This week, the spotlight is on Maryland based photographer, Seamus Heneghan. Seamus is another Instagram find. His feed is full of awesome 35mm work, food and plenty of Instant film! Photography is a self-taught hobby for Seamus. By day he is a professional chef in Maryland, where he lives with his girlfriend and 3 cats. Please be sure to check out his social media outlets and show him some love.
How did you get into instant photography?
I’ve always enjoyed the aesthetic of the instant photo. My great-grandfather had a pack-film camera so we had dozens of prints in shoeboxes growing up. When I was a little older, I remember my dad used a 600 for before-and-after pictures of job sites/projects. I shot a couple packs as a teenager, but never had my own camera. It wasn’t until I noticed a few px680 packs in my local film shop a few years back that I realized the Impossible Project even existed. I had picked up a 600 camera for kicks not too long before at a thrift shop, so I was thrilled. I thought I had missed the boat.
What is your favorite camera used for instant photography?
I took the plunge and picked up my first folding sx-70 this summer, and really, nothing compares. I adore my macro 5 slr, but it has its own vision, and you have to play by its rules. But when you play nicely, it’s incredibly rewarding.
What instant camera have you not shot with, but would love to try?
I haven’t shot any Instax wide yet, and I’ve been curious about Lomo’s “bel-air” camera with the “instant-back” since I saw it. I’ve yet to shoot with pack film either, which is something I’d very much like to try before all the b+w film is gone. And maybe some day I’ll get my hands on the mighty mint “slr670m.”
What’s your favorite Impossible film or pack film type?
I’m a sucker for Polaroid’s “grid film,” but it’s hard to find, and expired film can be tricky to work with. I’ve been a bit partial to the gold framed sx-70 stuff lately, primarily due to the lovely autumn foliage all around me these past few weeks.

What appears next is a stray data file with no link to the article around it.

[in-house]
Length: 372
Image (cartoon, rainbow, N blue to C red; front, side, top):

How have you incorporated instant film into your regular workflow?
I am a film enthusiast, somewhat by chance and mostly for nostalgia. I really got into shooting film when my computer crashed, taking my first 800-or-so digital photos with it. I started shooting instant film specifically when my local film shop closed. It’s been a role reversal of sorts, actually. I used to save polaroids for the most “special” shots, while shooting the bulk of what I saw on my 35mm, but now it’s the other way around.
How would you describe your voice or vision with instant photography? (does it differ from your other work?)
As a largely self-taught artist, I admittedly struggle with the idea of characterizing or explaining my work beyond the message relayed by the work itself. My photography encompasses numerous locations, people, landscapes, and objects; I strive to avoid limiting myself for the sake of establishing a “style,” but instead aim to capture a broader, unrestrained “life” as a whole.
Compared to my other work (specifically culinary) I feel my vision and voice differ greatly, in that I personally feel as though my photography is a bit self-indulgent. I use photography mostly as a way to preserve memories for myself, as well as all the senses and feelings these memories entail. With cooking, in contrast, the process is entirely about the indulgence of another; creating a memory, a multiple sensory experience, for someone else. Of course, it makes me happy when other people enjoy my photos, too.
Any personal projects we should know about?
I am in the beginning stages of a series revolving around butchery– a book-collaboration with a good friend who also happens to be an artist I admire very much. It will be the first real mash-up of two things I love doing: cutting meat and taking polaroids. I’m also going to attempt to set up a personal dark room in my root-cellar this winter to learn the process of self-development.
What other photographers do you look up too?
Todd Hido, Sandy Kim, and Lara Krastner are some of the professionals that inspire and mystify me, as well as the every-day people I’ve connected with on Tumblr who are continually blowing my mind with their work.
What advice would you give to someone just getting into instant photography?
Also, from a technical standpoint, consider what you like to shoot before you decide which format to try first. (That is, assuming you haven’t found a dusty camera in a closet already.) Instant film provides a sizable spectrum: you have 8×10, instax wide, spectra, and pack film, then square frames, then instax mini… It’s a lot to choose from, which can be overwhelming when you’re just getting started, but experimenting and making mistakes is essential to finding one’s personal style and preferred format.
Where does your inspiration come from? Do you seek it out or wait till it finds you?
I find inspiration for my work in all aspects of life– in the wooded mountains of Appalachia, in meticulously prepared plates of food, in the eclectic mix of people (and animals) I encounter daily, and in my honest self, my past, and my dreams. I don’t feel like I seek anything out– in fact, it can be rather overwhelming. I just try to keep a camera handy, take advantage of the scenery around me, and experiment with color, format, and framing until I create the image as I’ve envisioned it.